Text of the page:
LONDON - When Michael Phelps gets ready to race, he walks to the block, takes off his headphones, swings his arms three times, steps on to the block and he is off. His routine never changes.
Tennis player Serena Williams, five-times Wimbledon champion, who, like Phelps, begins competition on Saturday, always takes her shower sandals to the court, ties her shoelaces in a specific way and bounces the ball five times.
Tiger Woods wears a red shirt in the final rounds of golf tournaments which he has said is because his mother told him red was his power colour.
Despite all the science and massive budgets involved in sport, many sportsmen and women at all levels of sport swear by superstitions or elaborate event rituals to enhance their game with many examples of these on display at the London Olympics.
British diver Tom Daley has a lucky orange monkey and British BMX rider Shanaze Reade always carries a picture of her family.
Psychologists say people often become superstitious when faced with unknown and stressful situations, which explains why so many athletes are superstitious and frequently bound to rigid preparation routines.
"When the stakes are high and there is a great deal of uncertainty - as in top-level sport - then people will try anything to get the outcome they want," Richard Stephens, a senior lecturer in psychology at Keele University, told Reuters.
"When there is a low cost of carrying out an action but there is possibly a high gain then you may as well."
But does it make a difference?
A study by psychologists at the University of Cologne in Germany found in two experiments that superstition triumphed in both cases.
In one experiment, participants were given either a lucky golf ball or an ordinary one before being asked to sink a putt. Those with a so-called lucky ball were more successful.
Participants were also asked to bring along a lucky charm but these were confiscated from half of the participants before making them take a memory test. Those who kept their lucky charm performed better, the scientists reported in 2010 in Psychological Science.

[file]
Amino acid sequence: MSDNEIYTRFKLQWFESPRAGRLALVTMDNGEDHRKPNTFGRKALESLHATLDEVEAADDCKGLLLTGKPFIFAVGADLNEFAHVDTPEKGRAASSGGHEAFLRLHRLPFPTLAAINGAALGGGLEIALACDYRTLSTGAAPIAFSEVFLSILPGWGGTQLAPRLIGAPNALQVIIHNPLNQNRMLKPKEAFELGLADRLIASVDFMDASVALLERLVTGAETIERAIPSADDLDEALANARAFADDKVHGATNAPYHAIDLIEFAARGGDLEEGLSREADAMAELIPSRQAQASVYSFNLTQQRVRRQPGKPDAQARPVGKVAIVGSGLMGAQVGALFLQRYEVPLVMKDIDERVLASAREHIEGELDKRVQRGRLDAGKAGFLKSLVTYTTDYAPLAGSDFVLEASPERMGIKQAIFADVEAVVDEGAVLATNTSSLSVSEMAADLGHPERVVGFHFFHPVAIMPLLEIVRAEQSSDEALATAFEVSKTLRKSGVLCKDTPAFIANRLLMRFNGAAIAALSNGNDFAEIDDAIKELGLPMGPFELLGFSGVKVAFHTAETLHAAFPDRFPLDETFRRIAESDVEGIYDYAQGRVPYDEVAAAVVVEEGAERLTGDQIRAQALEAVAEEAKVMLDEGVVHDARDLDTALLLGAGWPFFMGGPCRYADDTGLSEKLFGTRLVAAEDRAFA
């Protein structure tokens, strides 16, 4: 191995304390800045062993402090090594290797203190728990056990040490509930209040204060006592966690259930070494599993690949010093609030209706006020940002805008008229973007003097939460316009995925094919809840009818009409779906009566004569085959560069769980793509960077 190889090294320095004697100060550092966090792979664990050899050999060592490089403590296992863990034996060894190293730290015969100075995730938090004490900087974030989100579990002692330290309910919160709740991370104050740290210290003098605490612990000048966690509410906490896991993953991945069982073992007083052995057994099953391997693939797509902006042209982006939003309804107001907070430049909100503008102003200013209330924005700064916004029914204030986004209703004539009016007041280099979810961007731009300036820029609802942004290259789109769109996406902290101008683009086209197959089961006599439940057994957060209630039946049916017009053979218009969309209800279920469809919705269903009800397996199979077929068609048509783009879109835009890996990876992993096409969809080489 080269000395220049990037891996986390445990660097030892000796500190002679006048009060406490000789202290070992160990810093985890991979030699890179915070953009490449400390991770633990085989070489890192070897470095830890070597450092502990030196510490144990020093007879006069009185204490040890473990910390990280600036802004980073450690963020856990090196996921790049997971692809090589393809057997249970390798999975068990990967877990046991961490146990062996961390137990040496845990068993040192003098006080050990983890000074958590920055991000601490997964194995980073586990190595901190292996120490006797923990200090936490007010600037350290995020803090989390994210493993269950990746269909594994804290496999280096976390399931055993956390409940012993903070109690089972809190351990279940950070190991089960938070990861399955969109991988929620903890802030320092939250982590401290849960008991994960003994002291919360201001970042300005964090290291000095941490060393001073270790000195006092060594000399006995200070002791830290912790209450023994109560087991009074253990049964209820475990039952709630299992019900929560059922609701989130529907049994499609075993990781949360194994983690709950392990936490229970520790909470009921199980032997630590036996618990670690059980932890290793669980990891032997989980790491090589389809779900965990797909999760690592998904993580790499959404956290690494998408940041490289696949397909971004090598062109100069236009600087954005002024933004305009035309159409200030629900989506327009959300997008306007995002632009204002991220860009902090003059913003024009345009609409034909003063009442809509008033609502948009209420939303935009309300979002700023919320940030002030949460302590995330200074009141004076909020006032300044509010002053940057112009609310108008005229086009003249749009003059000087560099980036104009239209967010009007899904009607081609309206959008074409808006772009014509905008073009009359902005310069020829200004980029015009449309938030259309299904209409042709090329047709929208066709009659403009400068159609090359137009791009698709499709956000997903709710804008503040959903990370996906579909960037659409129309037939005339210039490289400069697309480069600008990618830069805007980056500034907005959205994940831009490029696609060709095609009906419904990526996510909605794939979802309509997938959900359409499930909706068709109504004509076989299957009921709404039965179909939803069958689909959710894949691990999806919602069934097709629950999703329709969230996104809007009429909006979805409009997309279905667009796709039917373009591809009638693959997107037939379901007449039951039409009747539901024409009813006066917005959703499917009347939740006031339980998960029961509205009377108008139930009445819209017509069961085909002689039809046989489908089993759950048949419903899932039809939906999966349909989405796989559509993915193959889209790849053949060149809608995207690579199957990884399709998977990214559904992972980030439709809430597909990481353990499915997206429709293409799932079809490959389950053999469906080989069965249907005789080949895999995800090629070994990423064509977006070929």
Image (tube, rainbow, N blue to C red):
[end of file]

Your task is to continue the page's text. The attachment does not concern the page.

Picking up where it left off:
Some sports psychologists warn, however, that superstitions can be harmful to an athlete's performance if they are taken too far and become a distraction, particularly if they have no link to their actual performance.
Australian swimmer Stephanie Rice says she is a firm believer in superstition and karma, and will do eight arm swings, four goggle presses, four cap touches before a face.
But it is shoulder problems have led Rice to play down her chances in London of repeating her Beijing success when she won three gold medals, two individual and one relay.
Andrew Lane, professor of sport psychology at Britain's Wolverhampton University, said routines were important for athletes as the hour before an event could be very stressful and go slowly.
British women footballers have spoken about their set routines with Kelly Smith putting her boots on last and leaving the dressing room last while Kim Little always puts her socks and shin pads on her left side before her right.
"It is the reliance on these routines that can be critical to keeping them level-headed," Lane said.
"But if it becomes an fixation on something that is not relevant to performance, you might need to change that."
London-based sorts psychologist Victor Thompson said athletes needed enough flexibility to cope with something going wrong with their routine such as losing their lucky shirt or an iPod malfunction so they cannot listen to their pre-game music.
"This can create anger, stress, anxiety, and physical tension," Thompson told Reuters. "It becomes a distraction and causes a drop in confidence... all of which leads to a higher chance of performing poorly. They can't rely on false self-confidence or reassurances."
Keele University's Stephens agreed.
"If you start to spend too much time focusing on these irrational things to improve your performance rather than the important things, such as your swing or being relaxed, then these superstitious techniques can take away from the outcome," he said.
Some athletes are wary of relying too much on superstitions for their performance.
"I'm superstitious about having any superstitions. I do my best to quash any of that start creeping up on me," Australian diver Matthew Mitcham, who won gold in Beijing, is quoted as saying on his official Olympic profile.